When you go to these events, smile. Introduce yourself. Talk to people. Make the effort, even if you’re shy. Look around for the person who is quiet and doesn’t know anyone else, either, and say hello. Be the inclusion you want. Don’t wait for other people to do it.

Create what you’re looking for, instead of expecting others to do it. When you create what you want and need and love, you attract those seeking the same. That’s how you find your tribe.

Mon. April 15, 2019: Make the World a Better Place #UpbeatAuthors

Monday, April 15, 2019
Waxing Moon
Jupiter Retrograde
Tax Day
Patriot’s Day in MA

 

Yeah, Jupiter Retrograde on Tax Day. Isn’t that fun? We already know anyone who actually works for a living is getting screwed out of a refund, while the richest get yet another break.

Week 3 of our month about “Make the World a Better Place” focuses on how to do so at work.

Many of us, as writers, work on our own or remotely. We started making our home a better place last week; this week, we make our work a better place, even if we work from home.

Others of us work outside of the home in whatever fields we work in when we’re not writing.

Work situations can be toxic, especially if we’re in a position where we can’t immediately leave a bad situation. Also, remember that everyone has bad days. Sometimes people are thoughtless or exhausted or overwhelmed and lash out. WE all need to practice a certain amount of forgiveness and give each other some breathing room. When it becomes a detrimental pattern, then you have to choose which action you take further, but remember that you will have bad days, and your co-workers have bad days, so try to approach the work situation with compassion.

So, how do you make wherever you work a better place?

Here are some things I have found that help. Try them or don’t, as you please:

Come in with a smile and a cheerful greeting. It makes a difference. People will start associating you with a pleasant start to the day.
Answer the phone sounding cheerful. Again, that makes a difference. It can also diffuse a tense situation if the other person has a gripe.
Have a small item you can put in your workspace that personalizes it. Some places don’t want you to personalize your workspace. Unless it’s a safety issue, I suggest finding another job as soon as possible, because, in my experience, it means they are trying to dehumanize their employees. But a small stone or shell or photo or mug or something that is uniquely YOU that you can put in your space when you arrive and then tuck back in your bag when you leave also ritualizes the work day. You put it down, and it helps indicate you’re starting work. You put it away, and this portion of your day is finished. Even if you work at home, entering the space where you work and performing a specific action to start and end your day makes a big difference.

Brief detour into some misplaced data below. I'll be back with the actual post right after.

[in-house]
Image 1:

Listen to your co-workers and learn about them. Pay attention. REMEMBER what is said in conversations. I worked with someone who, whether it was personal or work-related, would constantly say, “You can’t expect me to remember that.” Yes, I can. If I relay information you need for your task, remembering it or writing it down so you can refer to it later is called being professional. If it’s something personal, then it’s called being a decent human being. (Note: I no longer interact with this person at ALL, thank goodness).
Know what’s going on in your field. Read internal newsletters and reports. Read external information about the profession. Know what’s happening, what’s changing, what’s phased out. Be that valuable reference who knows the pulse of your profession. Relay appropriate information where it will do the most good.
Communicate with clarity and precision. Take good notes, especially in phone conversations. Send a summary of the phone conversation by email immediately after, stating that you will proceed on your understanding of the next steps based on this summary, unless you hear otherwise within one business day. Documentation is vital, and accurate documentation saves a lot of agony down the line.
Avoid passive aggressive behavior in yourself and call it out in others. You can say, “If something is bothering you, please let me know instead of expecting me to guess.” If it continues to be a problem, go to a supervisor for a discussion. In my experience, more sabotage and harm on both personal and professional levels is done through passive aggressive behavior than through direct attack.
Be honest without being cruel. If you disagree with something, or you find something unethical or unacceptable, calmly and clearly speak up using a positive language as possible. Don’t let an aggressor trap you into an argument. Remember that you can say “no” without a qualifier. “No” means “no.” If challenged, you have the option to say, “Because my answer is no.”
Be kind whenever possible. As we discussed in our work on kindness a few weeks ago, kindness is not weakness. It’s the opposite. As mentioned above, everyone has bad days. When a co-worker is struggling, sometimes even a kind word makes all the difference.

We spend so much time with our co-workers; even remote workers have to deal with people more often than we sometimes wish!

But when we remember that every word and every action has an impact on our co-workers, when we take that extra beat to think before we speak, we can make a positive difference.

Published in: on April 15, 2019 at 6:50 am  Comments (1)